Guest post by Tasmina Ahmed-Sheikh, SNP candidate for Ochil and South Perthshire.
We need to do all we can to encourage more women to get involved in politics. Although we now have a respectable number of globally important political leaders who are women – I’d strongly argue we need more. And, in particular, women remain woefully underrepresented in the House of Commons.
It is hard enough raising your head above the parapet into politics as a woman, but as an Asian woman I feel it’s even more of a challenge. If privileged enough to be elected, I could be the first Scottish black and minority ethnic woman parliamentarian. It is quite incredible that this be the case in 2015.
Of course, we saw three fantastic female party leaders participating in the recent UK leader’s debates and I was delighted, though not surprised, to see Nicola Sturgeon out in front. But as her UK-wide profile has risen, so too has the sexism directed towards her.
Undoubtedly, Nicola's role as Scotland’s first female First Minister, and her new gender-balanced Cabinet, sends a strong and poignant message to girls and women across Scotland: if you are good enough and work hard enough, you can achieve anything. But at the same time we should also consider what sort of message we’re sending to children when they can open a newspaper and see sexist imagery used to portray the First Minister.
Social media is changing the way we all communicate. That is a good thing. It can be informative, lively, noisy and very funny, often overtaking conventional journalism in breaking opinions and stories. All this is engaging and hugely positive.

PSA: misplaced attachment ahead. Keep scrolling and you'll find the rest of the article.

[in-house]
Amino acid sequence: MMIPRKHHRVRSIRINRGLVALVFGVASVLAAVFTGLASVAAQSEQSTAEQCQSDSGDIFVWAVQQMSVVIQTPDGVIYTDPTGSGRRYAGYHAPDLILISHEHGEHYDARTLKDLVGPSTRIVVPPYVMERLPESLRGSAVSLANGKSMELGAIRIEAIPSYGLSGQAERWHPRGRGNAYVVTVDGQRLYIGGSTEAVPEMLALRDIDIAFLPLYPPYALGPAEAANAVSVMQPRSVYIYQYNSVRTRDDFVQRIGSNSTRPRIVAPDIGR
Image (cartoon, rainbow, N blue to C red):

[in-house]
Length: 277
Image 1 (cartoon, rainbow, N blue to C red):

But there is a point where it crosses a line into highly personal venom. It’s when the barbs are sharpened into vindictive personal attacks that the line is surely crossed. Often, it’s women who get it worst. I’m not sure if some people have a particular contempt for the involvement of females in politics, or if we are seen as more sensitive and so likelier to respond.
This isn’t something which is party political. Unfortunately, across the spectrum, women can find themselves facing these sorts of sexist attacks. It’s easy to say that we should just be able to ignore it - but wouldn’t it be better if it wasn’t happening in the first place?
It’s up to us all, men, women, politician or not to call out sexism and teach our children that it’s not acceptable. We need to take action to increase female representation in Parliament and on the boards of public bodies and businesses. And we need to ensure that equal pay legislation – passed over 40 years ago – is finally turned into reality.
The Scottish Government is already leading on these issues. But for as long as equalities law remains reserved to Westminster we need to ensure the UK Government takes action now.
I want to see us in a position where equality - whether it be race, gender or sexuality - is the rule, not the exception. It should be built into the fabric of society, at all times in all places. When we have achieved that, we will have succeeded.
This blog is part of a series that Engender have commissioned looking at sexism in the run up to the general election - we have approached all political parties in Scotland to contribute as well as other relevant groups.
‘Knowing Me; Knowing You: Is this the best we can do for cohabiting couples? Engender has responded to the Scottish Law Commission's consultation on reforms to the law governing cohabitation in Scotland. This blog, from Engender's Policy and Parliamentary Manager Eilidh Dickson, sets out why equality in cohabitation is a feminist issue.
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